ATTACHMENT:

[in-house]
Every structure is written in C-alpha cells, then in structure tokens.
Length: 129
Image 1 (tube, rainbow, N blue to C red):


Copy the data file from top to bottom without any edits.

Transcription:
[in-house]
Every structure is written in C-alpha cells, then in structure tokens.
Length: 129
Image 1 (tube, rainbow, N blue to C red):